MANUFACTURING (Lecture 3)
Assembly Processes • Mechanical Assembly • Threaded fasteners – hardware components with external or internal threads • Screws, bolts, and nuts • Screw is externally threaded – assembled into a blind threaded hole • Bolt is also externally threaded – inserted through holes in the parts and “screwed” into a nut on the opposite side. • Nut is internally threaded – threads of a nut match those on bolts of the same diameter, pitch, and thread form Types of nuts
Assembly Processes • Mechanical Assembly • Washers – used with threaded fasteners to ensure tightness • Common types – (a) plain (flat) washer; (b) spring washers, to dampen vibration or compensate for wear; and (c) lock washer, to resist loosening • Washers serve various functions: • Distribute stresses at the bolt or screw head and nut • Provide clearance for large holes • Protect part surface • Seal the joint • Resist inadvertent unfastening Types of washers
Assembly Processes • Mechanical Assembly • Rivets – unthreaded, headed pin – used for achieving a permanent mechanically fastened joint • Primary fastening processes in the aircraft and aerospace industries • Types – geometries telling how the rivet will be upset to form the second head – (a) solid, (b) tubular, (c) semi tubular, and (d) bifurcated. • Other mechanical assembly techniques – stitching, stapling and sewing Types of washers
Assembly Processes • Thermal Assembly • Involves the use of heat – permanent joining process • Commonly used processes – welding, brazing and soldering • Welding – two or more parts are coalesced by heat and /or pressure • Usually performed on parts made of the same metal • Advantages and disadvantages of the welding are:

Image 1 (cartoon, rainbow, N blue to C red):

Assembly Processes • Thermal Assembly • The welding operation most common welding process is fusion welding – a filler metal is added to facilitate the process and provide bulk and strength to the welded joint • Some types of fusion welding are: • Arc welding – an electric arc is maintained between an electrode and the workpiece – electrode may provide the filler metal • Resistance welding – an electric current passes through two pieces of metal under pressure (examples are spot and seam welding) • Beam welding – supplying heat by bombarding the workpiece with a concentrated beam of (a) electrons (electron beam welding) or (b) high-energy light beam (laser welding) • Gas welding – a combustible gas (oxyacetylene) is burned with air or oxygen to heat the parent metal and the filler • Types of weld joint – butt joint, corner joint and lap joint
Assembly Processes • Thermal Assembly Arc welding Spot welding Seam welding
Assembly Processes • Thermal Assembly • Brazing – filler metal is melted and distributed between the fusion surfaces of metal parts • Melting point of the filler metal is below the melting point of the base metal • Strength is less than that of a welding • Brazing temperature for: aluminum alloys – 600oC, silver alloys – 730oC and nickel alloys – 1120oC. • Advantages – (a) dissimilar metals (b) less heat and power • Soldering – similar to brazing, melting point of the filler metal does not exceed 450oC • Soldering is associated with electronics assembly, automobile radiators, food containers • Most solders are alloys of tin and lead.
Assembly Processes • Adhesive bonding is probably the first of the permanent joining methods • Adhesive is usually a polymer e.g. epoxy, silicon and urethane • Adhesive bonding – a joining process in which a filler material is used to hold two (or more) closely spaced parts • Used for joining similar and dissimilar materials such as metals, plastics, ceramics, wood, paper • Curing time or setting time is the time required to change the physical properties of an adhesive from a liquid to a solid state, usually by a chemical reaction • Major applications – automotive, aircraft, building products, and packaging industries; other industries include footwear, furniture, bookbinding, electrical, and shipbuilding